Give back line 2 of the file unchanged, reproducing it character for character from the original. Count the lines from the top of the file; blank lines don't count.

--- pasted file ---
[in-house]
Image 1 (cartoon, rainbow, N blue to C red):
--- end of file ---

Image 1 (cartoon, rainbow, N blue to C red):